Changing the hoods would mean cutting cables, again, and that was just not in the works, at the time.  Found just two days earlier, the Motobécane streaked to the top of the to do list and was immediately subjected to the rebuild procedure.  A procedure that is usually driven by safety first, cost second, ride quality third and aesthetics last.  And why did the build demand immediate attention?  Because the Motobécane Grand Jubileé is simply a neat old bicycle that absolutely looks the vintage part, that being an opinion, of course.

The brake callipers, though a bit dirty, were in good shape but the pads were not.  Simply put, there was no way to salvage the pads, nor the pad holders, which were seriously oxidized.  A search through boxes of this and that produced a decent set of pads, which were refaced, cleaned and subsequently installed.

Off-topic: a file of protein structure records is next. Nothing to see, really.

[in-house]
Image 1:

Though the Weinmann center pull brake calliper is a simple enough unit, getting the most out of it requires understanding and sound maintenance practice.  With that in mind, the immediate effort was invested in getting the brakes working perfectly.  A proper cleaning would come later.

Once the brake issues were addressed, attention turned to what to mount the levers on.  Since efforts were being made to keep the bicycle as original as one could, with-in reason, it was decided that the original PIVO handlebars and nondescript steering stem.  That choice was simple enough but what bar tape should one use on a late seventies road bicycle.

User friendliness demanded today's cushion handlebar tape, engineered to help absorb road shocks while adding to ease of grip.  But today's offerings would look completely out of place.  That left two simple choices, thin plastic or Old School cloth.  Old School won the toss and two rolls of Ciclolinea Telato-Super black tape entered the build.  The aesthetic results speak for themselves, however; the cloth tape is not as comfortable, on one's hands, as is the newer handlebar ribbon offers, on the shelves these days.